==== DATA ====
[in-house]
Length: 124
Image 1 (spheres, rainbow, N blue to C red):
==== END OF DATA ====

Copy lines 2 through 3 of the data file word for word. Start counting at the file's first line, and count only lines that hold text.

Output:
Length: 124
Image 1 (spheres, rainbow, N blue to C red):